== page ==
Is porn really a big deal?

Whenever the need for education on porn gets mentioned, people often look bemused.  It seems that most people, especially most adults, have no idea how prevalent the use of pornography is among young people today.

Consider the following from the Burnet Institute*:

Porn is also prevalent among young women too.  In the same study from the Burnet Institute, they found:

Countless other studies have found pornography use to be significantly prevalent among young people in the western world today.  The ease and accessibility of porn has come about via high speed internet and the countless devices in every home.  While there aren't as many studies on younger children, one study** found that:

 

Why is this such a big deal?  One reason is that porn, for many young people, has become their main source of education on sex.  And porn isn't sex education, its sexist education.  Consider the following from a study*** of the top 50 porn films of 2010 :

88% of porn scenes contained acts of physical aggression

49% of porn scenes contained acts of verbal aggression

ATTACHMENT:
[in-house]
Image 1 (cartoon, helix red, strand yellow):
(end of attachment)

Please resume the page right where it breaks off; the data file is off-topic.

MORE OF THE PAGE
The aggressive acts were overwhelmingly perpetrated by men against women

 

Whilst most young people understand that porn doesn't depict real sex, it has been shown to shape attitudes and sexual taste. The effects of porn on people will obviously be shaped by a large range of factors.  In a variety of different studies, a number of issues have been found to correlate with porn use that are of significant concern.  These include:

In every school in the country, the majority of young men are consuming pornography with startling regularity.  None of this means that viewing porn will immediately cause all consumers to be effected in the same way; these things are complex.  However, considering porn's ubiquity and the range of correlation between porn and harmful effects, the need for greater awareness and education is essential. Get in touch and see how we can be of help.

*Statistics taken from the Burnet Institute's submission to the Senate Inquiry into the harm being done to Australian children by pornography.  The Burnet Institute's submission is no. 61.  Their statistics come from a 2015 survey.  You can access their submission here.
**Fleming, M. J., S. Greentree, D. Cocotti-Muller, K. A. Elias, and S. Morrison. (2006). Safety in cyberspace: adolescents’ safety and exposure online. Youth & Society, 38(2): 135-154.
***Bridges, Ana J., Robert Wosnitzer, Erica Scharrer, Chyng Sun, and Rachael Liberman (2010). Aggression and Sexual Behavior in Best-Selling Pornography Videos: A Content Analysis Update. Violence Against Women, 16(10): 1065-85.